Gordon added. Gordon grinned. Most promising
Cant promise. baker, he thought. Legitimate, at last.
No cookie, then, Gordon said.
Lions stomach rumbled louder.
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Do Not ReproduceNCDPI North Carolina Test of Reading. Grade 5 Form S RELEASED Fall 2009

37. At the end of the selection, which 40. Which adjectives best describe Zee?
statement describes Lion?
A shy and anxious
A He is bored with childish games.
B proud and selfish
B He reaches out to help another
person. C funny-looking and confused

C He appreciates another persons D self-confident and supportive

D
talents.

D He worries too much about how


he looks. 41. Which statement best describes
Gordon?

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A Gordon is often mean-spirited.
38. Which best describes Lion at the
beginning of the selection? B Gordon likes to spend time alone.

A a bully C Gordon wants to be Lions friend.

B a friend D Gordon worries about what


people think.
EA
C a comic

D a coward
42. What is the importance of Lion calling
Gordon by his full name near the end
of the story?
39. Which two students approve of
Gordons baking before Gordon and A Lion is showing respect for
Lion settle their differences? Gordon.
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A Gordon and Zee B Lion knows Gordon dislikes his


name.
B Lion and Gordon
C Lion is showing off his sense of
C Zee and Stephanie humor.

D Stephanie and Lion D Lion wants to flatter and please


Gordon.
R

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Do Not ReproduceNCDPI North Carolina Test of Reading. Grade 5 Form S RELEASED Fall 2009

43. Which experience is most similar to Gordons experience at the bake-off?

A cooking dinner for friends

B playing on a team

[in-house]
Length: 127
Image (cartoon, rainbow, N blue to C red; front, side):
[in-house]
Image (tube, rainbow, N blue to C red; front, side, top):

C singing in a choir

D
D winning a writing contest

SE
EA
EL
R

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Do Not ReproduceNCDPI North Carolina Test of Reading. Grade 5 Form S RELEASED Fall 2009

Yellowstone National Park


Yellowstone was the first national Yellowstone is one of the few places in
park in all the world. It is famous for its the United States where people can see wild
spouting geysers (G-zerz), bubbling buffalo, or bison. In the early 1800s, millions
mudpots, hot springs, and beautiful scenery. of buffalo roamed across the United States.
About 500 tourists travelled to Yellowstone After 100 years of hunting, less than
the first year it was open. Now, over

D
two million people drive through the park
What makes a geyser go off? Water soaks
every year.
into the ground near molten rock, or magma.
Yellowstone is 3,472 square miles It is heated to temperatures as high as
(8,992 sq km). Almost all of the park is in 400 degrees Fahrenheit (204C). The water
the northwest corner of Wyoming, with the

SE
is unable to boil at the normal temperature
remainder in Idaho and Montana. because of the weight of the water above.
The park gets its name from a golden
canyon in the area. A waterfall that is
higher than Niagara Falls drops 308 feet
(94 m) into a canyon with yellow stone walls.